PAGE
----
Still, it has to be acknowledged that Ponce de Leon wasn’t the only fan of perpetual youth, and when I was younger I confess to feeling the same way, largely due to a curiosity of what will happen next—tomorrow, and 2,000 years from tomorrow. I have, however, discovered that it is a simple task to live well beyond the average, 78.2-year lifespan. It is no great effort to live for a hundred, five hundred or even a thousand years. » Continue Reading.
I miss Richard Nixon. I really do. Nixon established the Environmental Protection Agency (EPA) forty-six years ago. Since then, the EPA has been at the forefront of issues that have improved the environment and public health. Nowhere is this more evident than in the Adirondack Park.
Remember acid rain? In the early 1970s, air pollution from fossil-fuel plants had made rain and snow so acidic it killed wildlife in hundreds of Adirondack lakes and streams. Ironically, the water looked crystal clear, but the pH balance could not sustain healthy fish and plant populations.
EPA came to the rescue. » Continue Reading.
Our family always enjoys the opportunity for a night hike, snowshoe or ski. Being able to unwind at the end of the day helps us focus on our other senses, to listen to nature, and reconnect. One favorite way to unwind is calling in the owls. That activity wasn’t something that just showed up on our radar. It began with a local Owl Prowl and it has become part of an evening routine.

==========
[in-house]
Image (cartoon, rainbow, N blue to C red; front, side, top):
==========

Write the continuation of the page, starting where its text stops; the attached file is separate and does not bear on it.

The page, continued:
According to Lake George Land Conservancy (LGLC) Land Stewart Alex Novack, the LGLC’s April 1st Owl Prowl is a perfect opportunity to learn more about these nocturnal animals. The location for the free night-time hike was chosen because of the potential for interactions with owls. » Continue Reading.
North Country newspapers, the only media during the 1800s, were slow to come around and at times downright resistant to women’s rights. Their job was to report the news, but in order to maintain readership, they also had to cater to their customers — like the old adage says, “give ’em what they want.” That atmosphere made it difficult for new and progressive ideas, like women’s rights, to make headway.